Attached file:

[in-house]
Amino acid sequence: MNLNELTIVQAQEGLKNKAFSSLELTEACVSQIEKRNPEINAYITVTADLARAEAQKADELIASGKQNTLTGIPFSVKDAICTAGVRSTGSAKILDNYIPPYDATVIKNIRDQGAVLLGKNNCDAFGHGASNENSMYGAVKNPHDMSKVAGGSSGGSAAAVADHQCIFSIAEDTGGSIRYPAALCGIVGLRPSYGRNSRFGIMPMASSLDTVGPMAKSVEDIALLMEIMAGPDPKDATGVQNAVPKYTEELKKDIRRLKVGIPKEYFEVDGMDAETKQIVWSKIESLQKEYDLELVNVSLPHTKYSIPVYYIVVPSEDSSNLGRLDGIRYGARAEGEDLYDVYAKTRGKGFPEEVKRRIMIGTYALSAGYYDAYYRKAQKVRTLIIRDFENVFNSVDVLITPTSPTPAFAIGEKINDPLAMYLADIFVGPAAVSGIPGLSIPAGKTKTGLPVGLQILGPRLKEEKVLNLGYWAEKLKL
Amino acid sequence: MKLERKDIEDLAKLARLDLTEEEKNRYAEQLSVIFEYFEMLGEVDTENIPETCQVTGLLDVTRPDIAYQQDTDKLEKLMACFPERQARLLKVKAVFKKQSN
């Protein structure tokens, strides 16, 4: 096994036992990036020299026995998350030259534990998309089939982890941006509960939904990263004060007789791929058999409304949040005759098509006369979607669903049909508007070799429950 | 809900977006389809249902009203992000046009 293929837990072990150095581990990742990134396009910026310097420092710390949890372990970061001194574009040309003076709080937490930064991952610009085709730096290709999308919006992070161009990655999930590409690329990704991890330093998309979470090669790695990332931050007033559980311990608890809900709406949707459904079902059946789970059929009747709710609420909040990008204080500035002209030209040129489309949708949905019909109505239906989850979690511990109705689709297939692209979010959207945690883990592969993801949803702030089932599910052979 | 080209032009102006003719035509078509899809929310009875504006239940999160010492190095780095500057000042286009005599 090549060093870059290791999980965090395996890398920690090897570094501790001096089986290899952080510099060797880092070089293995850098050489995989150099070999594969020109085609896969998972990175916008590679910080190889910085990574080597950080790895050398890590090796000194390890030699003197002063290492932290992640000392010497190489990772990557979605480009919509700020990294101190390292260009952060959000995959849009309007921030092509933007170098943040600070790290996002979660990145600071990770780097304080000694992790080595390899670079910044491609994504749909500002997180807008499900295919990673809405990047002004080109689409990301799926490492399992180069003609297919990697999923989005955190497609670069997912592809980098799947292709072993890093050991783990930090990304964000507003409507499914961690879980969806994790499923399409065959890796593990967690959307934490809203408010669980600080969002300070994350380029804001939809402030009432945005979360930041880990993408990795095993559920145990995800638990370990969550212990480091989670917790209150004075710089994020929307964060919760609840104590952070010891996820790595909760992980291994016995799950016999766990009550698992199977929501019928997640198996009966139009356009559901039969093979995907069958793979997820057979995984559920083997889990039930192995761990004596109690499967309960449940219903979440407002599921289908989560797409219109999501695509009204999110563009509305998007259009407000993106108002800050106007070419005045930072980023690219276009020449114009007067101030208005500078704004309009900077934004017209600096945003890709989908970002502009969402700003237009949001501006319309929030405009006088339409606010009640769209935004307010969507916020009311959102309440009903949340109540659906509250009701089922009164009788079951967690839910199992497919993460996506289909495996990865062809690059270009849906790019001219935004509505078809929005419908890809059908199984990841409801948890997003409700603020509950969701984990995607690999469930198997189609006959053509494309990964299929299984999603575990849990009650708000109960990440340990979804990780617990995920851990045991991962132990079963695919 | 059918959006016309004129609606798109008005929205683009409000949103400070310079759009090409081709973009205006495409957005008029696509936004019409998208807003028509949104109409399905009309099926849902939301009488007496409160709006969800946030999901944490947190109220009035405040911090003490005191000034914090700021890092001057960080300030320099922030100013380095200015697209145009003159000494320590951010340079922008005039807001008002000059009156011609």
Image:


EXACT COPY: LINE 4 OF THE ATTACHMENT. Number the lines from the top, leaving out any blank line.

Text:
């Protein structure tokens, strides 16, 4: 096994036992990036020299026995998350030259534990998309089939982890941006509960939904990263004060007789791929058999409304949040005759098509006369979607669903049909508007070799429950 | 809900977006389809249902009203992000046009 293929837990072990150095581990990742990134396009910026310097420092710390949890372990970061001194574009040309003076709080937490930064991952610009085709730096290709999308919006992070161009990655999930590409690329990704991890330093998309979470090669790695990332931050007033559980311990608890809900709406949707459904079902059946789970059929009747709710609420909040990008204080500035002209030209040129489309949708949905019909109505239906989850979690511990109705689709297939692209979010959207945690883990592969993801949803702030089932599910052979 | 080209032009102006003719035509078509899809929310009875504006239940999160010492190095780095500057000042286009005599 090549060093870059290791999980965090395996890398920690090897570094501790001096089986290899952080510099060797880092070089293995850098050489995989150099070999594969020109085609896969998972990175916008590679910080190889910085990574080597950080790895050398890590090796000194390890030699003197002063290492932290992640000392010497190489990772990557979605480009919509700020990294101190390292260009952060959000995959849009309007921030092509933007170098943040600070790290996002979660990145600071990770780097304080000694992790080595390899670079910044491609994504749909500002997180807008499900295919990673809405990047002004080109689409990301799926490492399992180069003609297919990697999923989005955190497609670069997912592809980098799947292709072993890093050991783990930090990304964000507003409507499914961690879980969806994790499923399409065959890796593990967690959307934490809203408010669980600080969002300070994350380029804001939809402030009432945005979360930041880990993408990795095993559920145990995800638990370990969550212990480091989670917790209150004075710089994020929307964060919760609840104590952070010891996820790595909760992980291994016995799950016999766990009550698992199977929501019928997640198996009966139009356009559901039969093979995907069958793979997820057979995984559920083997889990039930192995761990004596109690499967309960449940219903979440407002599921289908989560797409219109999501695509009204999110563009509305998007259009407000993106108002800050106007070419005045930072980023690219276009020449114009007067101030208005500078704004309009900077934004017209600096945003890709989908970002502009969402700003237009949001501006319309929030405009006088339409606010009640769209935004307010969507916020009311959102309440009903949340109540659906509250009701089922009164009788079951967690839910199992497919993460996506289909495996990865062809690059270009849906790019001219935004509505078809929005419908890809059908199984990841409801948890997003409700603020509950969701984990995607690999469930198997189609006959053509494309990964299929299984999603575990849990009650708000109960990440340990979804990780617990995920851990045991991962132990079963695919 | 059918959006016309004129609606798109008005929205683009409000949103400070310079759009090409081709973009205006495409957005008029696509936004019409998208807003028509949104109409399905009309099926849902939301009488007496409160709006969800946030999901944490947190109220009035405040911090003490005191000034914090700021890092001057960080300030320099922030100013380095200015697209145009003159000494320590951010340079922008005039807001008002000059009156011609």